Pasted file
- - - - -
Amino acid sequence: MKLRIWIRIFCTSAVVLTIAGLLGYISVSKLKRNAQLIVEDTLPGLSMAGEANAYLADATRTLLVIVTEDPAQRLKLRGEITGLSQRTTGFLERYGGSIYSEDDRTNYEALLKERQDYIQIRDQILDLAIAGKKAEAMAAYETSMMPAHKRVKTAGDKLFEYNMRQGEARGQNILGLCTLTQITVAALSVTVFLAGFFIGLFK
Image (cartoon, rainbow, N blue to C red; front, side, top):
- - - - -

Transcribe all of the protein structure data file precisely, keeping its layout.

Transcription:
Amino acid sequence: MKLRIWIRIFCTSAVVLTIAGLLGYISVSKLKRNAQLIVEDTLPGLSMAGEANAYLADATRTLLVIVTEDPAQRLKLRGEITGLSQRTTGFLERYGGSIYSEDDRTNYEALLKERQDYIQIRDQILDLAIAGKKAEAMAAYETSMMPAHKRVKTAGDKLFEYNMRQGEARGQNILGLCTLTQITVAALSVTVFLAGFFIGLFK
Image (cartoon, rainbow, N blue to C red; front, side, top):